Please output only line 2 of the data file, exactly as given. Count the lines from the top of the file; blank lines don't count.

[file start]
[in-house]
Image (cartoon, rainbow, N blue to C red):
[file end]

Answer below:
Image (cartoon, rainbow, N blue to C red):